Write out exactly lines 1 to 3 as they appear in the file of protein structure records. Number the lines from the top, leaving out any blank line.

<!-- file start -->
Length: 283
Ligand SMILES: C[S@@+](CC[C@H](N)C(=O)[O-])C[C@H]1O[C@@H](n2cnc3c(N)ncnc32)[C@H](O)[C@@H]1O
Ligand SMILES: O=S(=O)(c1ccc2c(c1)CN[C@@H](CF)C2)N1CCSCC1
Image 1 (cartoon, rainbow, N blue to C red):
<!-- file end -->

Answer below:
Length: 283
Ligand SMILES: C[S@@+](CC[C@H](N)C(=O)[O-])C[C@H]1O[C@@H](n2cnc3c(N)ncnc32)[C@H](O)[C@@H]1O
Ligand SMILES: O=S(=O)(c1ccc2c(c1)CN[C@@H](CF)C2)N1CCSCC1